HTML for the World Wide Web with XHTML and CSS

HTML for the World Wide Web with XHTML and CSS

Its important for anyone who creates Web siteseven those who rely on powerful editors like Dreamweaver or GoLiveto know HTML. The World Wide Web Consortium rewrote HTML as a subset of XML dubbing it XHTML 1.0 and the allowable code will eventually be stricter. Tags that are being phased out are labeled deprecatedcurrent browsers can still handle them, but if you want your site to keep up with future browsers, not to mention conform to accessibility requirements, you will want to get on top of XHTML.

Of course, Elizabeth Castro manages to write books that not only speak to those who are already fluent in HTML, but are good for newbies too. She makes it a breeze to create sites that are visually stylish and technically sophisticated without the expense of buying an editor. CSS; creating a variety of layouts; and dealing with tables, frames, forms, multimedia, a bit of JavaScript including mouseovers, WML for mobile device displays, debugging, publishing, and publicizing your site.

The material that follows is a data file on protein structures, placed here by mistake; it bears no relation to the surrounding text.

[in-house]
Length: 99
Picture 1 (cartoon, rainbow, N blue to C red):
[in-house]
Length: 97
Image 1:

As with all Visual QuickStart Guides, this one features clear and concise instructions side by side with wellcaptioned illustrations and screen shots that show both the source code and the resulting effect on the Web page. The index is extremely detailed, making this a great reference.

Also great for reference are the outstanding appendices. The first is an extensive list of tags and attributes, indicating which are deprecated and/or proprietary and on which page they are discussed. A similar appendix shows CSS properties and values; given the future of Web coding, this chart alone is worth the price of the book. Other handy charts cover intrinsic events, symbols and character Unicodes, and an expanded color chart that goes way beyond the virtually archaic Websafe palette. All of which makes this a definite musthave for every Web designers bookshelf. Angelynn Grant